How To Set Up A Marine Aquarium
Embarking on the journey to set up a marine fish tank is extremely exciting as you know that the finished product is going to be beautiful. However, they aren't as easy to put together as a tropical tank as they require different water conditions, additional equipment and extra measures to ensure that it is set up correctly.
A marine fish tank requires more equipment than a tropical tank, you will need the following:
A Protein Skimmer
Refractometer & Hydrometer
Water Testing Kits
External filters are highly recommended for marine fish tanks, as they are able to filter larger volumes of water. Our top-selling EF1+, can easily be used in a saltwater setup. If space is not on your side, internal, corner and hang on filters could be the ideal alternatives for smaller aquariums. These compact internal filters provide both mechanical and biological filtration without taking up space outside of your aquarium.
Marine Fish Tank Lighting
To enhance the colour of your marine fish and to ensure that your coral survives, actinic (blue) marine lights are essential. You should not use freshwater lights as they will not provide the necessary kelvin for the survival of your tank. Fluorescent lights are cheaper and provide a clean colour in your water, but they also produce heat so you will need to closely monitor the temperature in your water if you choose to have these. LEDs are made up from assorted diodes and cover all the bases from ultraviolet to infrared.
Pumps / Powerheads
The surge of water created by a pump or wavemaker is important when keeping marine fish as it produces waves in your water. They enjoy the movement in the water as it replicates their natural environment and helps to keep the water moving for filtration purposes.
Almost all aquarium heaters are compatible with saltwater. You will need a heater that you attach inside your aquarium to achieve a temperature of 26 – 29°C.
Marine Aquarium Sump
A sump is not a requirement for a marine fish tank, but it will house your equipment making your set up look tidy and attractive. They are a separate tank that is plumbed into the setup of your aquarium.
A Protein skimmer is essential for a marine aquarium, as it reduces the organic waste that is built up over time in a marine aquarium and sits in the sump of your aquarium. You need to place water in the sump first before adding the protein skimmer so it can fill up with water. Allow to run with the lid open for 3-4 days as a break in period and check the collection cup daily.
Saltwater Tank Gravel / Substrate
The preferred substrate in marine tanks is sand or crushed coral. This is what most saltwater livestock prefer and will benefit from. Live sand will assist with the filtration process and also helps keep the alkaline levels settled.
Live rock is one of the huge perks of owning a marine aquarium, as they have the versatility to produce a beautiful creation. However, they are more than just pretty decorations; they become the main biological filter of a marine tank. Live rock produces plenty of algae and bacteria that contribute to a healthy aquarium. However, you need to set up your aquarium with live rock and water and then allow it to cycle, the live rock should be part of this cycling process so that the benefits of having it can be fully appreciated.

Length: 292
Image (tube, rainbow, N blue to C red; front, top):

Purified water should be used for marine aquariums, and the salinity should be kept between 28-36 ppt and nitrates should be kept below 40ppm for fish or 10ppm for corals. Weekly water changes are key to maintaining nitrate levels as it means that they won’t be affected drastically. Before adding purified water, apply marine salt up to 1 hour before you put the water in your tank to allow it to dissolve so that the equilibrium of your aquarium isn’t affected. When it comes to adding salt to your water, you will need to add 35 grams per 4.9 ounces (0.14 litres). You should only need to add salt to the new water that you are putting into your tank, however, it is important to do regular checks using a hydrometer.
Hydrometers will measure the salinity and gravity of your aquarium to ensure that your water is suitable for your fish and corals.
Cycling your tank
You will need to take all of the above steps and have your entire tank set up and ready to go, and then leave it cycling for at least six weeks before you are able to add any fish. This allows bacteria to grow so that your fish can live happily in the environment you have created for them. Not cycling your tank will cause issues when it comes to the health of your fish and live rock.
Testing Your Water
It is paramount that the water conditions are checked regularly in a marine fish tank, including the nitrate and salinity levels. We have a selection of marine treatments and test kits that are great for tanks with fish as well as coral. After at least 6 weeks of cycling your tank, you are ready to add your fish! Be sure to do plenty of research so that you know which fish will safely live together so that you are not causing distress to your livestock and to ensure the success of your tank.